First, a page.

Gortex – For those who don’t know, Gor-Tex is waterproof fabric used to waterproof outdoor clothing and boots. I’ve always been a fan of Timberland boots and remember falling in love with some of the Gor-Tex insulated timbos back in the day. There is no question that Timberland was the boot of choice for hip-hop heads back in the early to mid-ninties. Oh, the song? It sucked much.
The (Peek -A-Boo) Game – Things are progressively getting worse.
I Got Game – What would a hip-hop album be without flossing and boasting? That’s exactly what Mix A Lot does on this one. Mix A Lot provides a decent funk instrumental to spit his F&B rhymes over and does a serviceable job on the microphone. We also discover the source of another vocal sample from “Baby Got Back” (“L.A. face with an Oakland booty”) on this track. Hey, that rhymed. I’m a poet and didn’t even know it. Well actually I did, but…
I’ll Roll You Up – This is Mix-A-Lot’s version of a battle rap. Sir Lot proves he can deliver clever punch lines (the reference to the old video game Pong was slightly amusing), even if his flow sounds a bit sloppy at times. I’d be willing to overlook the sloppy deliver if his instrumental for this one wasn’t trash.
Something About My Benzo – He showed love to his hooptie earlier, so now that his Benz its out the shop, it’s only right that it gets love as well. Mix-A-Lot invites a few uncredited guests into the studio to brag about their Benz as well. Not great or terrible, but it falls somewhere in the middle of the two.
My Bad Side – Through the course of Seminar we’ve seen a glimpse of Mix-A-Lot the comedian, the conscious rapper, the activist, the player, and now…the gangsta rapper? I know right? You can stop laughing now. The visual image of Mix A Lot’s line about dropping an opponent with a round house kick is hi-larious, though. And with that, this one’s a wrap.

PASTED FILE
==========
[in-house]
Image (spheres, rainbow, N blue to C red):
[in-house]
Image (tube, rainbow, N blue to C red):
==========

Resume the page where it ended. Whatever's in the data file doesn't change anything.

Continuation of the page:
After listening to Seminar in its entirety for the first time, I can’t say that it was life changing, nor can I say that I enjoyed it for that matter. It was cool to reminisce over “Beepers” and “My Hooptie”, back to a time before innocence was lost (both mine and hip-hop’s…well, at least hip-hop’s. Mine was probably gone way before then). There are a few other songs that were decent finds (but not jewels), and being a trivia buff it was nice to discover vocal samples that were used on one of the most popular rap songs ever. But when only half of your album is worth listening to the results can’t be good, which is the fate that Seminar ultimately meets. Maybe Mix A Lot could get a few more dollars out of his fans by releasing a greatest hits album. Better make that an EP.
Cool review of the album, BUT……. National Anthem and Gortex beats suck? No way – two of the toughest 808 electro funk beats I’ve ever heard. Kraftwerk samples and those funky Egyptian Lover style 808 clicks and all. Underrated lyricist too.